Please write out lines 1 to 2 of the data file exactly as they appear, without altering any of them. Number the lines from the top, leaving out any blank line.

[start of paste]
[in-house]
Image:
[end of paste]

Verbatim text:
[in-house]
Image: